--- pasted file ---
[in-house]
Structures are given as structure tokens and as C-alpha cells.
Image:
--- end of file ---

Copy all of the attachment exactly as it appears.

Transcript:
[in-house]
Structures are given as structure tokens and as C-alpha cells.
Image: